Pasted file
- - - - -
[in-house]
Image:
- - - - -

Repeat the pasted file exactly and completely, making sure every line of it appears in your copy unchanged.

[in-house]
Image: